Such grim realities which reflect bitter and negative lingering effects, even after escaping from the regime, it is still difficult to get a plausible explanation for many of the behaviour of the youth. The apathy and even antipathy against politics and political opposition groups that has been demonstrated since recently could therefore be understood within the context of these facts. However, what is really incomprehensible is the fact that those who suffered so long under such a regime and risked their lives to escape from it, facing all the hardships and fatal hazards, when they finally make it to safety and freedom, they relapse back voluntarily to the regime’s lap mostly lured by cheap entertainment parties or minor services and different pretexts.
It is natural to begin by investigating the root causes of a phenomenon in order to identify the symptoms of an ailment; that would help one make the right diagnosis and prescribe an effective antidote.
The following is a summary of some root causes as pointed out by some youth:
– The deep mistrust and scepticism that have been sown and instilled in the minds of the youth since a long time have deeply influenced their ability of free and unbiased thinking. This could be the side-effect of long systematic campaigns of incessant smearing and distortion of facts waged by the regime’s propaganda machine which has succeeded in depicting a negative stereotype of the opposition groups where the opposition’s role and contribution in the national struggle has been marginalised and its members negatively portrayed as mongers and initiators of civil wars, power hungry, ineffectively weak and fractioned groups of idle sofa politicians. The opposition groups are also portrayed as agents of antagonistic external forces hired to serve a non-national agenda. With this negative perception already imprinted on the minds of some youth, unfortunately to some degree it coincides with the reality of the opposition that invokes negative images shows a blurred picture. Thus the youth superficially judge the opposition on the basis of its apparent weaknesses and shortcomings. Consequently they consider the opposition as hopeless groups, thus joining or working with them becomes tantamount to a meaningless waste of time if not completely unpatriotic.
– The youth are caught in the dilemma of believing the regime’s claims, which if taken at face value appear to be true to a certain extent, or the vagueness of the just and genuine cause which the opposition stands for. They do not recognise the crucial fact that despite the apparent weaknesses the opposition should still be credited for its persistence, perseverance and resoluteness, and for carrying the torch of resistance all the time in an open defiance of the dictatorial regime. This stand alone would suffice and demands the youth and others to support the opposition forces to overcome their weaknesses and shortcomings and to rise up to the expectations of the public.
– In addition to their bias, the negative impression, when the youth meet for the first with the opposition in the neighbouring countries, adds to their negative perception. They suffer unjustified negligence from the opposition that seems totally indifferent to their problems while deeply preoccupied by its own matters that causes the youth to be more sceptical about the opposition’s role. Thus the opposition takes the blame for not being seriously involved in providing the material, legal or moral support to alleviate the day to day problems encountered by the youth from the moment they cross the borders, in camps, seeking jobs, education and resettlements. In contrast, the regime through its agents in camps or embassies abroad actively engages to win them back by offering some services, such as passports, etc. On the other hand it may even go out a bit further to intimidate and sometimes kidnap those who dare to oppose it openly. Paradoxically, although it is very clear that one can get shot at by the regime’s agents—and possibly maimed or killed—while crossing the border to the Sudan or Ethiopia, it is the same regime’s agents in the form of consulates and embassies who would be ready to issue passports to these refugees who recently crossed the borders by bribing their way out. If the asylum seekers make it to Europe or the USA, then the so-called Eritrean Communities run by the regime’s embassies are quick to embrace them and provide services to them, while the opposition abroad lacks such services and facilities.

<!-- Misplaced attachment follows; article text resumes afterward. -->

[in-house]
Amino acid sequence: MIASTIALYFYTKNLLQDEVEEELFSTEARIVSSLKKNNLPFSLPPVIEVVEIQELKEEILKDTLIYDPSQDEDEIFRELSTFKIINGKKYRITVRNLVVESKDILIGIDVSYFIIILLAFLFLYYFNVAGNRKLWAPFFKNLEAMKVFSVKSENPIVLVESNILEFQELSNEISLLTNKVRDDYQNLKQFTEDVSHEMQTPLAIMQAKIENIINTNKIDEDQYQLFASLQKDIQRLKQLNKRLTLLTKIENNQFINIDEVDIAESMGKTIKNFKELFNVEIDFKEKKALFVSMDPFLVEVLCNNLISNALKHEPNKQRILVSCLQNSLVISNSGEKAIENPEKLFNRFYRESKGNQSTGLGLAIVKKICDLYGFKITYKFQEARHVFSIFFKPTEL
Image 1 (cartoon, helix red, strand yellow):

– A simple comparison between the initiatives of the regime, albeit for its own gain, and those of the opposition would clearly show the striking advantages to the benefit of the regime. The regime has a relatively strong organisational and state structures and arms to flex and even across borders to threaten its opponents, compared to a weak opposition that is poorly organised and ineffective. Such simple comparison that favours of the regime could easily dissuade many from engaging with the opposition and lead others to give up completely on the opposition and politics, considering the struggle as futile attempt that is not capable to overthrow the regime. Thus some get detached from politics and become preoccupied in improving their families’ economic situation back home. This is sometimes at the advice of older relatives in Diaspora. Even here they resort to the regime for the assistance to transfer their remittances to their families in Eritrea thus they are obliged to establish connections and pay taxes and consequently be snared back into the regime’s traps. They will also need to be in good terms with the regime if they want reunion with their families.
– The opposition side lacks specialised effective structures, policies and plans as well as unified concerted actions that deal with refugee issues that are badly reflected in the relation between youth and the opposition.